5 Safety Tips To Enjoy The Beach During That Long Weekend
Are you planning on hitting the beach or a staycation during that long weekend?
Here are some safety and health tips provided by the U.S. Food & Drug Administration (FDA) that can come in handy all year round.
1. Avoid Tanning & Be Sun Safe
Thinking about getting a “healthy tan” over vacation? Think again. Any increase in skin pigment (called “melanin”) is a sign of damage. Ultraviolet radiation from the sun can cause wrinkles and dark spots among other problems—and tanning puts you at higher risk for skin cancer. Plus, sunlight reflecting off of sand or water increases exposure to UV radiation and increases your risk of developing eye problems.
Here’s how to be sun safe:
- Use sunscreen. Wear a broad spectrum sunscreen that protects against UVA and UVB rays, and choose an SPF of 15 or higher.
- Wear sunglasses. Choose sunglasses labeled with a UVA/UVB rating of 100% to get the most UV protection.
- Wear protective clothing. Consider wearing a hat and clothing that covers skin exposed to the sun.
- Understand the facts about tanning beds. You may be tempted to “pre-tan” before a beach vacation. But don’t. The lamps in these beds emit ultraviolet radiation that can be more intense and harmful than the sun.
- Beware of spray tans and bronzers. Know that spray-on tanning or bronzing products are not UV protective.
2. Check Medications Before You Go
Know what medications you’ll need while on vacation. Check that you have enough to last the trip.
Also, review the instructions for taking medications. Look for warnings about interactions your medicines might have with certain foods or drinks and any other side effects. Talk to your healthcare provider about concerns or questions you have about your medications before you go. Don’t skip doses, don’t share medication, and don’t take more than the suggested dose.
3. Be Careful With Contact Lenses
If you wear contact lenses, be sure you have the supplies you need to last the trip. To avoid problems such as eye infections and corneal ulcers, make sure your contacts are prescribed by an eye care professional. Skip colored or decorative lenses sold in beauty supply stores or at the boardwalk, since they can damage your eyes.
Wash your hands before touching lenses, and use sterile solution. Never expose your lenses to saliva or non-sterile water, including that from the tap, bottle, or ocean. (Non-sterile water can put you at risk for an eye infection.) So remove your contacts before swimming or getting in the hot tub and follow your eye care professional’s other care and removal instructions.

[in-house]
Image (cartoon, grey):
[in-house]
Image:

Also remember to bring glasses in case your eyes become irritated. If your vision changes, your eyes get red, you have lots of tears, or your eyes hurt or feel itchy, take out your contact lenses and seek medical attention.
4. Think Twice About Getting Tattoos or Henna
Tattoo and henna shops are often found on boardwalks and other areas around the beach. Whether you consider something non-permanent (like henna) or an actual tattoo, think before you ink. Getting a tattoo can put you at risk for serious infections like HIV or hepatitis if you are exposed to unclean tools, practices, or products. Plus, tattoo inks can cause allergic or otherwise bad reactions.
The FDA has not approved any inks for injecting into the skin and, as a general matter, does not actively regulate tattoo parlors. The FDA also hasn’t approved henna or hair dye for skin use, and some people have reported serious problems after using henna, including allergic reactions such as rashes and scarring.
5. Stay Hydrated and Eat Healthy
Dehydration happens when your body does not have as much water and fluids as it should. It can be mild, moderate, or severe. So avoid getting dehydrated. For instance, when you spend a late afternoon at the beach (remember sun safety!) bring water and drink even before you feel thirsty. That said, beware of ice or tap water in places where the water isn’t safe to drink.
Along with staying hydrated, try to make healthy food choices. If you’re at a buffet, you can follow the dietary guidelines, for instance, by first filling your plate with fruits, vegetables and whole grains and then adding the protein source.
This article appears on the FDA’s Consumer Updates page, which features the latest on all FDA-regulated products.